Those studies are warranted primarily by the widespread use of inhaled drugs via an MDI in the treatment of numerous respiratory diseases. We searched the Medline, SciELO, and LILACS databases using the specific descriptors "asthma", "spirometry", and "inhalation spacers", as well as their counterparts in Portuguese, as search terms. We also used the Boolean operator "AND". As of January of 2011, we had found no studies comparing the bronchodilator test results obtained with the use of an MDI with a spacer and those obtained with the use of an MDI without a spacer. Therefore, it is impossible to compare the results of the present study with data in the literature. This is why we attempted to correlate the results of the present study with known data regarding the use of MDIs with and without spacers in the treatment of obstructive lung disease.

One group of authors incorporated Teflon particles into MDIs that were used by 8 patients with obstructive lung disease; the authors found that 8.8% of the dose was deposited in the lungs, whereas 80% was deposited in the oropharynx.(17)

Various types of spacers have been developed with the objective of increasing pulmonary deposition and, consequently, the therapeutic effect of bronchoactive drugs, as well as of reducing the need for coordinating the triggering of the device with inhalation. By increasing the distance between the MDI and the mouth of the patient, spacers contribute to the evaporation of the propellant, which in turn reduces the speed and size of aerosol particles and leads to lower oropharyngeal deposition and greater pulmonary deposition.(18)

A study investigating 9 patients with airflow obstruction and comparing the delivery of radiolabeled aerosol via an MDI with a large-volume spacer with that of radiolabeled aerosol via an MDI without a large-volume spacer found that oropharyngeal deposition was reduced to 16% (p < 0.01) and pulmonary deposition was increased to 21% (p < 0.01) with the use of the large-volume spacer.(4) Increased pulmonary deposition was also demonstrated in another study, which involved 10 patients with airflow obstruction and used radiolabeled aerosol delivered via an MDI with and without a large-volume spacer. The use of the correct technique for aerosol delivery in combination with the use of the spacer increased pulmonary deposition from 11.2% to 14.8% (p < 0.05).(7)

We found no statistically significant differences between albuterol delivery via an MDI with a spacer with antistatic treatment and albuterol delivery via an MDI in isolation (the usual technique) in terms of the bronchodilator test results obtained. Although the design of our study differed from that of previous studies, we expected bronchodilator response to increase with the use of a spacer with antistatic treatment, given that previous studies have demonstrated greater pulmonary deposition when an MDI is used in combination a spacer. However, it is difficult to demonstrate differences between the use of an MDI without a spacer and that of an MDI with a spacer in terms of the clinical response to bronchodilators. This is due to the fact that the dose-response curve for β2 agonists rapidly reaches a plateau with the dose used in the two methods. Those doses elicit, in the tracheobronchial receptors, a maximum bronchodilator response in the central airways, which is the principal determinant of variations in FEV1.(19) Therefore, we can speculate that low doses of β2 agonists should be used in order to demonstrate clinical differences among the devices.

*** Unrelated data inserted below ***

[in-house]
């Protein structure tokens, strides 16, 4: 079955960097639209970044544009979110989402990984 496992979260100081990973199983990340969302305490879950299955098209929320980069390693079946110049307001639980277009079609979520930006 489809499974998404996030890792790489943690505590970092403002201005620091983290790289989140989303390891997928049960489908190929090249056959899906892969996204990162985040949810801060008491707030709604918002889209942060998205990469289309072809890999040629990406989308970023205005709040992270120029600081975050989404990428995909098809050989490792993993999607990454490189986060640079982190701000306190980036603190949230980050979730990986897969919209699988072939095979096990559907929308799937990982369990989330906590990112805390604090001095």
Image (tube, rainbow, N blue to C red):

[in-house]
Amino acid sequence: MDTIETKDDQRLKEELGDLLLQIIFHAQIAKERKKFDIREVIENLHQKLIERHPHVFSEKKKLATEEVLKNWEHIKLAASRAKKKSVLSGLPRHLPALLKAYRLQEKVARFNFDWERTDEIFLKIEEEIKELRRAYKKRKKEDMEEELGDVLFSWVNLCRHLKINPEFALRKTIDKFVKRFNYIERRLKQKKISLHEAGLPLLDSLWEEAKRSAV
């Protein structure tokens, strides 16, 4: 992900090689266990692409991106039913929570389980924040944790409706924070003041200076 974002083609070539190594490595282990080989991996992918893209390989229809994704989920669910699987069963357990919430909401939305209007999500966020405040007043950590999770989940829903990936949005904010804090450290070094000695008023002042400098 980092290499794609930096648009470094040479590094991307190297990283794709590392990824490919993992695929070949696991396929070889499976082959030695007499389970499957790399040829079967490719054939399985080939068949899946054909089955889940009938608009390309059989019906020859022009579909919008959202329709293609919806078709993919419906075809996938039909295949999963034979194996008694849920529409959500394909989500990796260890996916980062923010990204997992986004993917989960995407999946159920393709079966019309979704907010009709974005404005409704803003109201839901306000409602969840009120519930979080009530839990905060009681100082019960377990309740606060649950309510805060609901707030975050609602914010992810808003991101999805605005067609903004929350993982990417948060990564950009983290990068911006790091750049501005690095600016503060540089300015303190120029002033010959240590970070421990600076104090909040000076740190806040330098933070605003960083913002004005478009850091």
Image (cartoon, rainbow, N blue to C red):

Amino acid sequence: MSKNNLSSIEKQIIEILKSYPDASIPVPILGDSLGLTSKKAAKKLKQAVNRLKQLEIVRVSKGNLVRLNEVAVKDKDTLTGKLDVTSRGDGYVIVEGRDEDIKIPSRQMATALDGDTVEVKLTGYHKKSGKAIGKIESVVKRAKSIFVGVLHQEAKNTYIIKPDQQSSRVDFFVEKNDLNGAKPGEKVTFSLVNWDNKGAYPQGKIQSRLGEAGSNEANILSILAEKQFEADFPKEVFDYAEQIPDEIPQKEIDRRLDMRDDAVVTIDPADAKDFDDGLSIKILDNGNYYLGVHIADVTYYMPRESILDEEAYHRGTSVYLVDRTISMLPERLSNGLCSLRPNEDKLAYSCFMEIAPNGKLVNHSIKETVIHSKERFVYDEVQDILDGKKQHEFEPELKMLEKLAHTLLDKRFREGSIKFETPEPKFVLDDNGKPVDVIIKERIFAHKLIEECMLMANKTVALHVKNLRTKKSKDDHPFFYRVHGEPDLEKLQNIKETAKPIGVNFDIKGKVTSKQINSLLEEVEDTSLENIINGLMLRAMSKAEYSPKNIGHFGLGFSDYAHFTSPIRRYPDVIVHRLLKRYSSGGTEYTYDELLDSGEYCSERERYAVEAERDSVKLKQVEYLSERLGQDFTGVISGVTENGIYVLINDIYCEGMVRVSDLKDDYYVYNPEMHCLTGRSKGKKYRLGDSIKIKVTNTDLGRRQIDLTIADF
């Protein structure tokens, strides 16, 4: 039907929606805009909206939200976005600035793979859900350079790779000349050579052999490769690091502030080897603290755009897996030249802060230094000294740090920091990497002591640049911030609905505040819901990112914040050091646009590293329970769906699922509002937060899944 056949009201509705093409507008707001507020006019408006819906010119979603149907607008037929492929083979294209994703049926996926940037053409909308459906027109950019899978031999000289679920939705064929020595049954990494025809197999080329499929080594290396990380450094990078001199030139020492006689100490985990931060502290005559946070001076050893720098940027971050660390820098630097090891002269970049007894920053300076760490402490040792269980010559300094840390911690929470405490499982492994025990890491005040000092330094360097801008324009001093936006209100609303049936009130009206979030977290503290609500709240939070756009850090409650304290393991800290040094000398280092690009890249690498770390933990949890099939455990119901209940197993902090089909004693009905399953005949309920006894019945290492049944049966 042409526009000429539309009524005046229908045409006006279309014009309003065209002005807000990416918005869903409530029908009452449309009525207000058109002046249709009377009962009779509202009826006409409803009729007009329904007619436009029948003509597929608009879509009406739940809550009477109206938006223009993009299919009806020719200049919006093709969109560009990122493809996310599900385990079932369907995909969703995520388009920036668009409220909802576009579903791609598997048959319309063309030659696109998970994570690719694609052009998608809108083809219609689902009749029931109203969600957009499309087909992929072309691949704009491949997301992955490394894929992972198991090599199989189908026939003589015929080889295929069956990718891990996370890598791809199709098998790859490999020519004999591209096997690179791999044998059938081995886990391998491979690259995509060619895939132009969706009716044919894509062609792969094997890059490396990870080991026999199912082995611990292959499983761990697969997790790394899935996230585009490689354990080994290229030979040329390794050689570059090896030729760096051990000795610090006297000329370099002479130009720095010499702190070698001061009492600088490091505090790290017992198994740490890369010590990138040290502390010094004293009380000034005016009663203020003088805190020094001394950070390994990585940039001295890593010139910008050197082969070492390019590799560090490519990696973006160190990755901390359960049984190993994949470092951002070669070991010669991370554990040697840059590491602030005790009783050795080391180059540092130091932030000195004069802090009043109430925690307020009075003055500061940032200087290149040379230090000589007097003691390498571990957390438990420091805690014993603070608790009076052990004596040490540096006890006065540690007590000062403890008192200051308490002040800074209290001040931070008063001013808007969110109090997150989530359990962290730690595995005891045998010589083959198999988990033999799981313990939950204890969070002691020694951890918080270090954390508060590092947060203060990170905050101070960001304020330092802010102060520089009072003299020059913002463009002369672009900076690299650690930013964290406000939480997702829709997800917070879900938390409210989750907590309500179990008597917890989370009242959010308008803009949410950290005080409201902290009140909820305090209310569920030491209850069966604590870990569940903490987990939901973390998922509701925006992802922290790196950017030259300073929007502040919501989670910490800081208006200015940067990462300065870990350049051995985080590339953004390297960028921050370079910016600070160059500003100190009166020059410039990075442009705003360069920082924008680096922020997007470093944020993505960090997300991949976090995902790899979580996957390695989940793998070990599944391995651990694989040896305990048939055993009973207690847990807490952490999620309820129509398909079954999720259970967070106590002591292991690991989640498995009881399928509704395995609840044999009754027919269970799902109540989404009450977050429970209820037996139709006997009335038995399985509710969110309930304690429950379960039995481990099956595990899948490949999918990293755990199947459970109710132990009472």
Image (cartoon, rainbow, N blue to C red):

Other factors influence and explain the varying results of studies involving spacers: the volume and shape of spacers; the presence of an inhalation valve; the aerosol composition; the medication used; the inhalation technique; the antistatic treatment (or lack thereof); and the different methods of aerosol radiolabeling.(19)

In a randomized, double-blind study involving 13 patients with asthma (mean age, 29.9 years), one group of authors compared the bronchodilator effect of 40 µg of clenbuterol delivered via an MDI used in isolation with that of 40 µg of clenbuterol delivered via an MDI used in combination with either of two types of spacers (large- and small-volume spacers).(20) The MDI was used with the open mouth technique, the device being placed 2 cm from the mouth of the patient. Clenbuterol significantly increased FEV1 throughout the study period, regardless of which of the three methods under study was used. In comparison with the use of an MDI in isolation, the use of an MDI in combination with a large-volume spacer led to a significant increase in FEV1 over the period of 15-90 min after bronchodilator use, whereas the use of an MDI in combination with a small-volume spacer caused significant bronchodilation only at 15 min. The authors concluded that the bronchodilator response is greater when MDIs are used in combination with spacers. However, that effect has little clinical relevance when patients use MDIs correctly.(20)